“Only Fighter Jets Can Fix This Porn Addiction.” Jared Holt introduces us to this 12-DVD box set that features lots of Top Gun-style military visuals in aerial support of its message, which is that Jesus wants you not to masturbate. Yep, twelve DVDs’ worth of “Never Masturbate.”
Holt avoids directly making most of the many easy entendres the subject invites, but he still reminds us that they’re there. It’s nicely done. He notes, for example, that the American Family Association says it’s series “is designed for men’s small groups, but is also ideal for self-study” … but then has the restraint to recognize that none of the four jokes occurring to us all as we read that needs to be added to elegant awkwardness of the statement as it is. (Wait … five jokes. Six!)
Here is the “trailer” advertising this 12-DVD box set series, featuring a weirdly middle-aged cast of fighter pilots:
I’m open to the possibility that “porn addiction” may be an actual thing for some people, but the term as it is popularly used in evangelical church world is just wrong. People who look at porn when they masturbate are not “addicted” to either behavior. And I suspect that many of the people who spend more than a wank’s worth of time searching for or collecting the stuff are dealing with something else, such as narcotizing an undiagnosed depression or unresolved trauma. I don’t think the language of “porn addiction” is accurate or helpful for most of the church groups tossing it around.
The sheer volume and size of this series is also disturbingly disproportionate. Consider what it means to commit to twelve weeks of Sunday school or small-group Bible study on this subject. It’s the same stunted, adolescent concept of “discipleship” that keeps evangelical youth-group culture perpetually motionless — the idea that God’s Plan for Your Life involves, above all else, threescore and ten years of Not Masturbating. It’s as though evangelicalism had decided to translate Micah 6:8 as “What does the Lord require of you? To never masturbate; to never masturbate; and to walk humbly with thy God never masturbating.”
Is this the “fasting” that God chooses? To bow down the head like a bulrush, and to lie in sackcloth and ashes and saltpeter?
As an answer to the beloved evangelical question “WWJD?” the response “Not masturbate” isn’t quite wrong, but it sure as heck isn’t right either. Jesus had something to say about the “weightier matters” and this ain’t one of them.
If there’s any kind of addictive behavior on display here, it’s that of a church that’s so addicted to obsessing over masturbation that it ignores the world beyond its own crotch. Ignoring a world of injustice and suffering in order to pursue your Higher Calling of not jerking off is bound to turn you into, well, a bunch of jerk-offs.Taking masturbation, of all things, and elevating it to 12-DVD-box-set status as the be-all and end-all of discipleship is also doomed to fail. It would be dismal enough if this produced a church of self-absorbed “pure”-minded abstainers who did nothing else, but it won’t even do that because people so focused on their own crotches and “purity” won’t succeed in their pursuit of total abstinence — they’ll just become self-absorbed and guilt-ridden over the fact that they’re still doing that thing that almost all of us humans do more or less just as much as everybody else.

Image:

These folks won’t be able to masturbate any less unless they find something better to occupy their time and something better to think of as their higher calling. And the usual list of also-ran activities the purity-culture Never Masturbate model of discipleship supplies — prayer! Bible study! evangelism! — won’t cut it because all of those worthy things get reshaped in service of the misplaced priority of Never Masturbate. Prayer becomes prayer about never masturbating. Bible study becomes searching the scriptures for guidance on never masturbating. Evangelism becomes the process of recruiting others to join us in trying-and-failing to never masturbate.
I struggling to express how deeply, deeply weird it is to emphasize something so venial. It’s almost always, at worst, a matter of akrasia — not of malice or cruelty or evil or injustice. The “sin” we’re talking about here is barely ever a sin at all. Yes, “lust” is a big deal — one of the Seven Deadlies. But the sin here, when there is any, usually involves selfishness and sloth as much as or more than lust.
Sloth, mind you, is also one of the Deadly Sins, because there’s so much that desperately needs to be done that sitting around not doing anything is just wrong. Even if that sitting around not doing anything includes bowing down the head like a bulrush, lying in sackcloth, etc., and fervently not masturbating.
As I tried to get at in “Heaven as Secret Sins Film Festival,” the point here is not that “anything goes,” but that obsessing over our own purity has more to do with narcissism than with the pursuit of holiness. And on the specific subjects of masturbation and/or porn, we surely do not need to spend 12 weeks of Bible study watching every DVD in a box set on the subject.
We don’t need anything more than what Terry Pratchett’s Granny Weatherwax had to say: “Sin, young man, is when you treat people like things, including yourself. That’s what sin is.”
Don’t treat people like things. Not even yourself. And don’t let others treat people like things either.
So if you’re a Christian man tempted by this 12-DVD box set because you’re “struggling with masturbation,” please stop struggling. Just finish up, wash your hands, and rehydrate. And then get out there and love your neighbor, do justice, love mercy, loose the bonds of injustice, let the oppressed go free, break every yoke, offer your food to the hungry, and satisfy the needs of the afflicted.